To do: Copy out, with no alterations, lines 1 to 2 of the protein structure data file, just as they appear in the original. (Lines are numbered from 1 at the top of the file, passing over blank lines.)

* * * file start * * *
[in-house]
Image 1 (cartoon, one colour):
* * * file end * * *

[in-house]
Image 1 (cartoon, one colour):